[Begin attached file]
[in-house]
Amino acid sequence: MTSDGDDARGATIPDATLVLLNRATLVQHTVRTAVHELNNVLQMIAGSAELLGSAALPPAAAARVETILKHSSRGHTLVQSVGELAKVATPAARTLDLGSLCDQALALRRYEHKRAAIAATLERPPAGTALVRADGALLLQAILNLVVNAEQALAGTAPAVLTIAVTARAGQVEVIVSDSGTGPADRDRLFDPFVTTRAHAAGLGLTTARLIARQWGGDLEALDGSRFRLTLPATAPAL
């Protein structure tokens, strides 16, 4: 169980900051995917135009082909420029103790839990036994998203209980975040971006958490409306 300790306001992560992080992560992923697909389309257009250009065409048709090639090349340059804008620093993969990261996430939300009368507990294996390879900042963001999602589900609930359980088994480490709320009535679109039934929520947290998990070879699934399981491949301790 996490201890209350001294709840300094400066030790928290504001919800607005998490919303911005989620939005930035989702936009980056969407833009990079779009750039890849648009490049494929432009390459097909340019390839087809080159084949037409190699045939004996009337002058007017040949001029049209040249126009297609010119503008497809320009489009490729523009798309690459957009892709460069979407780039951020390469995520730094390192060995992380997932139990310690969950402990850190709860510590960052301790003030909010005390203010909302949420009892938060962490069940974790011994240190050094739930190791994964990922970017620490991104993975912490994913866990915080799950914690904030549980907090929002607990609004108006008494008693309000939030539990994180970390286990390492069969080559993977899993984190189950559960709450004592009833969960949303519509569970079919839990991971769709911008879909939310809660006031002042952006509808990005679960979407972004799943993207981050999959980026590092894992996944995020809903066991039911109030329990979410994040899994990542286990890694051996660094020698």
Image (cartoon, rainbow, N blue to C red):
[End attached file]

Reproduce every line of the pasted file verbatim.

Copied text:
[in-house]
Amino acid sequence: MTSDGDDARGATIPDATLVLLNRATLVQHTVRTAVHELNNVLQMIAGSAELLGSAALPPAAAARVETILKHSSRGHTLVQSVGELAKVATPAARTLDLGSLCDQALALRRYEHKRAAIAATLERPPAGTALVRADGALLLQAILNLVVNAEQALAGTAPAVLTIAVTARAGQVEVIVSDSGTGPADRDRLFDPFVTTRAHAAGLGLTTARLIARQWGGDLEALDGSRFRLTLPATAPAL
């Protein structure tokens, strides 16, 4: 169980900051995917135009082909420029103790839990036994998203209980975040971006958490409306 300790306001992560992080992560992923697909389309257009250009065409048709090639090349340059804008620093993969990261996430939300009368507990294996390879900042963001999602589900609930359980088994480490709320009535679109039934929520947290998990070879699934399981491949301790 996490201890209350001294709840300094400066030790928290504001919800607005998490919303911005989620939005930035989702936009980056969407833009990079779009750039890849648009490049494929432009390459097909340019390839087809080159084949037409190699045939004996009337002058007017040949001029049209040249126009297609010119503008497809320009489009490729523009798309690459957009892709460069979407780039951020390469995520730094390192060995992380997932139990310690969950402990850190709860510590960052301790003030909010005390203010909302949420009892938060962490069940974790011994240190050094739930190791994964990922970017620490991104993975912490994913866990915080799950914690904030549980907090929002607990609004108006008494008693309000939030539990994180970390286990390492069969080559993977899993984190189950559960709450004592009833969960949303519509569970079919839990991971769709911008879909939310809660006031002042952006509808990005679960979407972004799943993207981050999959980026590092894992996944995020809903066991039911109030329990979410994040899994990542286990890694051996660094020698």
Image (cartoon, rainbow, N blue to C red):